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Hybrid Course Design

July 9, 2013

I feel that I am a bit more familiar with hybrid/blended courses than fully online courses because we have more blended courses where I work. The only online courses available at the college where I work are graduate, and summer undergraduate. The majority of our courses are traditional undergraduate in classroom settings. Many of these courses however do include an online component to supplement the classroom. As Ko (2010) points out, these run from minimal use of online resources such as posting the syllabus in the course management system, to full utilization just shy of a full online course.

I appreciated Ko’s addressing the elephant in the room for blended courses. Many faculty believe that adding online components doubles the workload without additional compensation or course load consideration. Ko states “we don’t believe that using the Web effectively requires you to labor twice as long for the same pay” (2010, p. 358). Rather, Ko describes a method of flipping the classroom, where content is posted online, and classroom if freed for discussions and active learning. I think that this approach has exciting potential, but the drawbacks are the extra time to develop and design this newer form of androgogy. Faculty need time to do so and colleges are often reluctant to provide that needed reduction in courseload for development.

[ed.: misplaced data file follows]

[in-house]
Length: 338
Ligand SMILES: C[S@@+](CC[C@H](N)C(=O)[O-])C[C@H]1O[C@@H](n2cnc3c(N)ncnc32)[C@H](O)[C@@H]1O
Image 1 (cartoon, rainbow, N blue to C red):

Other uses for online coursework include discussion boards and quizzes. These vary in effectiveness depending on the design and whether they are required or considered useful enough for students to spend time in them. One use for hybrid technology is establishing virtual office hours. I will be exploring this over the next academic year as I strive to connect to students for library research services in better ways.

It is important not to overload the student when designing a hybrid course. Just as a hybrid course should not double the workload for the faculty member, it should not double the workload for the student either. Make sure to balance the work between physical and virtual spaces. Professors must also realize that hybrid courses increase the potential for confusion. Instructions and timelines must be made very clear so that different or inconsistent information is provided in both places. Students need to know if work should be submitted in the course management system, or in class.

Ko, S., & Rossen, S. (2010). Teaching online: a practical guide (3rd ed.). Routledge.

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